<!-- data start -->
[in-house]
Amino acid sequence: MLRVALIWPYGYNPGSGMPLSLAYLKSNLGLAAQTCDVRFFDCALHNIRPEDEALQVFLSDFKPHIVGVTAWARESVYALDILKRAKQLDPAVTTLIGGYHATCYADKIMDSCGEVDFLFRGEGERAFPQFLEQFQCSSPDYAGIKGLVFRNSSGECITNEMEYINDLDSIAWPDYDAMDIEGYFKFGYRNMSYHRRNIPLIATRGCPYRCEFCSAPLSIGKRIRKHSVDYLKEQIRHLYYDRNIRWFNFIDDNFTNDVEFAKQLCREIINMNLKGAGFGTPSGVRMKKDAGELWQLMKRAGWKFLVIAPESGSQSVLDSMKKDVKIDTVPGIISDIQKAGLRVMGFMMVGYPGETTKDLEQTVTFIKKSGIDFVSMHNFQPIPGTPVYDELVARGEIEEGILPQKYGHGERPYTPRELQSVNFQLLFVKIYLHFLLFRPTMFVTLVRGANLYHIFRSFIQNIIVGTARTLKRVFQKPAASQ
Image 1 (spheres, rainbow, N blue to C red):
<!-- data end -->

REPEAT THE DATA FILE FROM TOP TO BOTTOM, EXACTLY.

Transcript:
[in-house]
Amino acid sequence: MLRVALIWPYGYNPGSGMPLSLAYLKSNLGLAAQTCDVRFFDCALHNIRPEDEALQVFLSDFKPHIVGVTAWARESVYALDILKRAKQLDPAVTTLIGGYHATCYADKIMDSCGEVDFLFRGEGERAFPQFLEQFQCSSPDYAGIKGLVFRNSSGECITNEMEYINDLDSIAWPDYDAMDIEGYFKFGYRNMSYHRRNIPLIATRGCPYRCEFCSAPLSIGKRIRKHSVDYLKEQIRHLYYDRNIRWFNFIDDNFTNDVEFAKQLCREIINMNLKGAGFGTPSGVRMKKDAGELWQLMKRAGWKFLVIAPESGSQSVLDSMKKDVKIDTVPGIISDIQKAGLRVMGFMMVGYPGETTKDLEQTVTFIKKSGIDFVSMHNFQPIPGTPVYDELVARGEIEEGILPQKYGHGERPYTPRELQSVNFQLLFVKIYLHFLLFRPTMFVTLVRGANLYHIFRSFIQNIIVGTARTLKRVFQKPAASQ
Image 1 (spheres, rainbow, N blue to C red):